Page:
We face various risks related to epidemics, pandemics, and other outbreaks, including the recent COVID-19 pandemic, including newly discovered strains of the virus. In response to the COVID-19 pandemic, governments have implemented significant measures, including, but not limited to, business closures, quarantines, travel restrictions, shelter-in-place, stay-at-home and other social distancing directives, intended to control the spread of the virus. Companies have also taken precautions, such as requiring employees to work remotely, imposing travel restrictions and temporarily closing businesses. To the extent that these restrictions remain in place, additional prevention and mitigation measures are implemented in the future, or there is uncertainty about the effectiveness of these or any other measures to contain or treat COVID-19 or future pandemics, there is likely to be an adverse impact on our potential customers, our employees and global economic conditions, and consumer confidence and spending, which could materially and adversely affect our operations and demand for our products.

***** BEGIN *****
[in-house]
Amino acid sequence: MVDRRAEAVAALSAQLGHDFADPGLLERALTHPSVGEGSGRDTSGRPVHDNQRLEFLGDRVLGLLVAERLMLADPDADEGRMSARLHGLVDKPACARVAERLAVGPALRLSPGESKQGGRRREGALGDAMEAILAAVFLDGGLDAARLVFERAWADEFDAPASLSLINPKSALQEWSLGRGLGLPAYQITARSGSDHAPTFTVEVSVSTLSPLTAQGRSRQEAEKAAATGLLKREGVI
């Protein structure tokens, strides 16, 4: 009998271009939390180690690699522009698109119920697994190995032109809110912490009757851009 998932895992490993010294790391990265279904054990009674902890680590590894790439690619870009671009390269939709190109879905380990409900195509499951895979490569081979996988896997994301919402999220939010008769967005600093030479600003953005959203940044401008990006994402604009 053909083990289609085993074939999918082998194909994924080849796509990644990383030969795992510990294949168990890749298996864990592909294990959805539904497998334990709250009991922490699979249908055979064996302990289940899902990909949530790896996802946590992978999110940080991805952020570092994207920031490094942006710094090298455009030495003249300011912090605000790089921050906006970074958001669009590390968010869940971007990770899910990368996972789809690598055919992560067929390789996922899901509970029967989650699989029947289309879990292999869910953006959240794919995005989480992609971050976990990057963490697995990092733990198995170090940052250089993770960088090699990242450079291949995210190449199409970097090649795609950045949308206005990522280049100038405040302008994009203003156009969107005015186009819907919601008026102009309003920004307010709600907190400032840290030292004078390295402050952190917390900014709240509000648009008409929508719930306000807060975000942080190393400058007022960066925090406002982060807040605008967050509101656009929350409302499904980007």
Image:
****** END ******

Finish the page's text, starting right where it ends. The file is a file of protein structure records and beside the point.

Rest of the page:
The spread of COVID-19 has and may continue to impact our suppliers by disrupting the manufacturing, delivery and the overall supply chain of parts required to manufacture our quantum computers. In addition, various aspects of our business cannot be conducted remotely, such as the assembly of our quantum computers. These measures by government authorities may remain in place for a significant period of time and they are likely to continue to adversely affect our future manufacturing plans, sales and marketing activities, business and results of operations. We may take further actions as may be required by government authorities or that we determine are in the best interests of our employees, suppliers, vendors and business partners.